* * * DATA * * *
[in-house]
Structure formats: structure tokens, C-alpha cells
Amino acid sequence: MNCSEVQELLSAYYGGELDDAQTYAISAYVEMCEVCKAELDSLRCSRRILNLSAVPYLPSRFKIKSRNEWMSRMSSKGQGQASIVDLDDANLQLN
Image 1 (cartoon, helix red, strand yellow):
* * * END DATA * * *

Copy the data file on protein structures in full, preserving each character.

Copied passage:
[in-house]
Structure formats: structure tokens, C-alpha cells
Amino acid sequence: MNCSEVQELLSAYYGGELDDAQTYAISAYVEMCEVCKAELDSLRCSRRILNLSAVPYLPSRFKIKSRNEWMSRMSSKGQGQASIVDLDDANLQLN
Image 1 (cartoon, helix red, strand yellow):